OTT vs. Traditional Linear TV
The total number of platforms on which consumers can watch sports has exploded. According to Nielsen’s research, OTT media rights have grown significantly in value in recent years.
- OTT media rights have increased from 4% to 23% at the local level for the top five European football leagues regarding rights deals negotiated in the last two years.
- Rights increased from 5% in 2018 to 23% in 2021 for the UEFA Champions League in the top five European markets.
- Rights increased from 0% between 2014 and 2018 to 31% between 2019 and 2023 (forecasted) for world tennis’ ATP 1000 Tour.
At the same time, linear TV has struggled. In aggregate, subscriptions are down 18% since 2019. Live sports, however, continue to be the main driver of engagement — though not necessarily large amounts of growth — for traditional, linear TV.
According to the report, in October 2021, sports content drove a 22% month-over-month increase in U.S. broadcast TV viewing, even though sports programming represented only 2.7% of the available broadcast program content. The small amount of programming is responsible for the marginal amount of growth linear has seen.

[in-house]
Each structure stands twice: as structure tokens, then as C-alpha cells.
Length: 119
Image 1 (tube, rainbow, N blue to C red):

The graphic below represents the percentage of the 50 most-viewed programs in 2021.
On average, more than three-quarters of the world’s top programming is still viewed using linear TV — and sports makes up a large portion of those telecasts.
Unbundling Media Rights
Traditional, linear TV is not the only thing getting unbundled. Holders of sports media rights have been carefully examining the landscape to determine how best to utilize the new forms of distribution on the market. These sports rights holders are currently investing in both live and non-live content distribution. This fragmented model will be a crucial step in meeting Gen Z fans where they want to consume content — across platforms.
The report provides an example from Spain and La Liga, the country’s top soccer league, which will launch its own streaming service for the super fan in early 2022 (“LaLigaPass”), which will include highlights, interviews, and press conferences, as well as live and on-demand matches in certain territories.
The change in content mix and content delivery necessities a change in how brands ultimately engage with fans on these platforms. Rights holders continue to unbundle their media and marketing rights — “sponsorable” assets have increased threefold over the last five years.